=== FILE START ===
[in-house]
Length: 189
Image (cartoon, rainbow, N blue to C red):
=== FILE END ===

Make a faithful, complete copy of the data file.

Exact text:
[in-house]
Length: 189
Image (cartoon, rainbow, N blue to C red):